1. Use of pesticides improves crop yields.
2. It helps to keep food prices in check for the consumer.
3. Pesticides allow consumers to consume high-quality produce that is free of insect blemishes and insect contamination.
4. Pesticide products are used to control household pests like termites, roaches, ants, rats and other pests.
5. Herbicides are used to control vegetation that clogs navigable and other waterways or threatens to obstruct highway, utility and railroad rights of way.
6. Pesticides are used to protect and enhance lawns, gardens, public parks, playing fields, lakes and ponds for public enjoyment.
There are wide inter-state disparities in the consumption of pesticides.  While states like Andhra Pradesh, Uttar Pradesh and Maharashtra recorded high consumption of pesticides during the year 2011-12, states like Jharkhand, Odissa, Himachal Pradesh, Uttaranchal and the north eastern states recorded very low consumption of the same during the said period. Though the consumption figures for states like Jharkhand and Uttaranchal showed improvement in recent times, the total quantity of pesticides consumed is still very less. Further, there are wide variations in consumption of pesticides in respect of certain states from year to year. For example, while Andhra Pradesh recorded a consumption of 1541 metric tons of technical grade pesticides during 2007-08, the same declined to 1015 MT during 2009-10. The State recorded a huge rise in consumption during 2010-11 at 8869 MT but declined a bit to 8529 MT during 2011-12. Rajasthan’s consumption figure of 3804 MT during 2007-08 came down to 1652 MT for 2011-12. Similarly, states like Odisha witnessed a steady decline of consumption of pesticides over the years, from a peak of 1588 MT in 2009-10 to 491 MT in 2011-12. So, there is a need to devise an effective mechanism to assess the demand and availability of pesticides in the states in terms of formulations.
Information provided by State Governments reveal that around 90 million hectares of cropped area is within the ambit of pesticides usage, leaving out significant swathes of agricultural land in the country where pesticides are not being applied to crops. Different estimates show that more than 50% of consumption of pesticides is garnered by insecticides, whereas herbicides and fungicides together contribute about 30 to 40% of total pesticide consumption. Among the crops, cotton, rice, vegetables and fruits account for the largest share of pesticide consumption in the country. In fact most of the hazards faced by the society are due to indiscriminate use of insecticides and therefore a course correction is required. Pesticides are poisonous entities and hence need to be used with utmost care. LD50 values are indicative of their toxicity, which for common man is reflected by colored triangles – green denoting less toxic while red, is extremely toxic. Pesticides most frequently responsible for hazards are organochlorine, organophosphates and carbamates insecticides. Fungicides, conversely do not pose much hazards except   organo-mercurials. It may however be clearly understood that there are many commodities, including beverages and drugs, whose LD50 is comparable with pesticides. Should we then blame pesticides for hazards or users for reckless use?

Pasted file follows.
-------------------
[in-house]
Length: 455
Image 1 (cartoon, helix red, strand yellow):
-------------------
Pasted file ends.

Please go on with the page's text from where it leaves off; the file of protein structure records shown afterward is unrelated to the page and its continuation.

Pesticide residue
The consumption of pesticide in India is one of the lowest in the world (Table 2). However, despite the low consumption of pesticides, India has more problem of pesticide residues vis-a-vis other countries and these have entered into food products and underground water because of non-prescribed use of chemical pesticides, wrong advice and supply of pesticides to farmers by vested interests, non-observance of prescribed waiting period, pre-marketing pesticide treatments during storage and transport, use of sub-standard pesticides, effluents from pesticide manufacturing units, continued use of persistent pesticides for public health programmes, lack of awareness and lack of aggressive educational programmes for farmers/consumers. Presence of pesticide residues in agricultural produce – particularly fruits and vegetables, milk and eggs, has become a matter of concern. There is sufficient evidence that it is a widespread phenomenon and that too with insecticides but again a man-made problem for his selfish gain, ignoring the principle of ‘safe use of pesticides. There were instances when Indian products were banned from export owing to the presence of the pesticides over the prescribed limit. Recently, the domestic market has also been plagued by similar incidents.